• Lymphedema sequence (edema of hands or feet, webbed neck, low hairline, and hypoplastic nails)
  • Cardiac anomalies, such as bicuspid aortic valve, coarctation of aorta
  • Cubitus valgus
  • Multiple pigmented nevi
  • Short fourth metacarpal bones
  • Madelung deformity
  • Hearing loss
  • Elevated FSH
Child with epicanthal folds
Epicanthal Folds
Cystic hygroma
Cystic Hygroma

In childhood and adolescence
  • Short stature (in nearly 100%)
  • Chronic otitis media
  • Scoliosis
  • Hyperconvex, narrow fingernails; thin,
    mildly dysplastic toenails
  • Pubertal delay
  • Ovarian deficiency
Assessment of Scoliosis
Scoliosis

Diagnostic Criteria

The diagnosis of TS requires the presence of characteristic features in phenotypic females and full or partial sex chromosome monosomy, with or without cell line mosaicism, demonstrated on a standard 20-cell karyotype.

Additional metaphases may be counted or FISH studies performed if there is suspicion of undetected mosaicism. Although a peripheral blood karyotype is usually adequate, a second tissue, such as skin fibroblasts, buccal mucosa cells, or possibly bladder epithelial cells from the urine, may be examined if there is a strong suspicion of TS and the karyotype is normal. Any patient with TS who has marker chromosome elements (sex chromosome material of uncertain origin) detected on the karyotype or who develops virilization should be screened for Y chromosome mosaicism. The presence of a Y chromosome can be detected by standard karyotype or FISH (fluorescent in situ hybridization) or PCR (polymerase chain reaction). PCR techniques are more sensitive than FISH in detecting cryptic Y-material. When Y-chromosome material is present (incidence of 5–12%), prophylactic gonadectomy is recommended due to an increased risk (around 10%) of gonadoblastoma. [Binder: 1995] [Gravholt: 2017]

Clinical Classification

Types of chromosomal anomalies associated with TS: [Davenport: 2010] [Shankar: 2018]
  1. 45, X (monosomy X) is found in approximately 45% of live births with TS.
  2. 45, X mosaicism is a mosaic chromosomal complement (e.g., 45,X/46,XX) detectable in 20-30% of all patients with TS.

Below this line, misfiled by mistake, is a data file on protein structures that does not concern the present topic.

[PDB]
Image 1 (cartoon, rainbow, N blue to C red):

3. 3. X chromosome anomalies:
    • Xp or Xq deletion: Some patients have a deletion of the short arm of the X chromosome with or without 45,X cell line mosaicism. Patients with terminal Xq deletion, may not have any other features of TS besides ovarian insufficiency.
    • Ring chromosome X
    • Isochromosome Xq (46,X,i(X)q): Patients with a structurally abnormal X chromosome consisting of 2 copies of the long arm with some intervening short arm or centromeric material are at higher risk for autoimmune disorders.
Patients with mosaic 46,XX karyotype or isochromosome Xq have a milder phenotype, while patients with mosaicism for 46,XY cell line or structural rearrangement of the Y chromosome mostly have masculinized external genitalia and are at increased risk for having gonadoblastoma and other gonadal tumors.

Differential Diagnosis

Noonan syndrome (NS) is an autosomal dominant condition affecting boys and girls in equal proportions. It is often attributed to mutations in the PTPN11, SOS1, RAF1 or RIT1 genes. As in TS, girls with NS typically have short stature, lymphedema of the extremities, and can have neck webbing, cardiac defects, ptosis, inner epicanthal folds, high-arched palate, and musculoskeletal differences (pectus deformities, cubitus valgus). However, the cardiac anomalies most commonly seen in NS are right sided (pulmonary valve stenosis in 50% of those with cardiac anomalies; septal defects and cardiomyopathy may also occur); the cardiac anomalies most commonly seen in TS are usually left sided. Individuals with NS are more likely to have gross motor or global developmental delays than those with TS. Despite these differences, considerable variability of presentations exist for both syndromes and a karyotype with complete or partial absence of the second sex (or gender-determining chromosome) is often the only way to distinguish between the 2 disorders in females. [Cassidy: 2005]

Comorbid Conditions

Co-morbidities in TS are often undiagnosed and include: [Freriks: 2011]
  • Aorto-cardiac anomalies
  • Dyslipidemia
  • Renal anomalies
  • Hypertension
  • Osteopenia
  • Hearing loss
  • Primary ovarian insufficiency
  • Infertility
  • Celiac disease
  • Hypothyroidism

History & Examination

TS should be considered in any girl with a webbed neck, lymphedema, or coarctation of aorta during infancy. Previous guidelines suggested that a peripheral blood karyotype be considered in girls with unexplained short stature, delayed puberty, or the constellation of characteristic dysmorphic features [Bondy: 2007], but new guidelines propose that karyotyping be performed: [Gravholt: 2017] [Shankar: 2018]
  1. In the presence of a single clinical feature such as fetal hydrops or cystic hygroma, unexplained short stature, obstructive left-sided cardiac abnormality (such as a bicuspid aortic valve, coarctation, aortic stenosis, hypoplastic left heart syndrome, or mitral valve abnormalities), delayed puberty, characteristic facial features (such as short broad neck with webbing, micrognathia, low set ears and down-slanted palpebral fissures with epicanthal folds), or infertility